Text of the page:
Lightweight Directory Access Protocol (LDAP) is an open-standard protocol used to query directory based databases such as Active Directory. LDAP uses TCP 389 by default.
The Lightweight Directory Access Protocol (LDAP ) is an open, vendor-neutral, industry standard application protocol for accessing and maintaining distributed directory information services over an Internet Protocol (IP) network. Directory services play an important role in developing intranet and Internet applications by allowing the sharing of information about users, systems, networks, services, and applications throughout the network. As examples, directory services may provide any organized set of records, often with a hierarchical structure, such as a corporate email directory. Similarly, a telephone directory is a list of subscribers with an address and a phone number.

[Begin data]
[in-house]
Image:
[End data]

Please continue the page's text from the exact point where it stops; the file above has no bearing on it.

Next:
LDAP is specified in a series of Internet Engineering Task Force (IETF) Standard Track publications called Request for Comments (RFCs), using the description language ASN.1. The latest specification is Version 3, published as RFC 4511 (a road map to the technical specifications is provided by RFC4510).
A common use of LDAP is to provide a central place to store usernames and passwords. This allows many different applications and services to connect to the LDAP server to validate users.LDAP is based on a simpler subset of the standards contained within the X.500 standard. Because of this relationship, LDAP is sometimes called X.500-lite.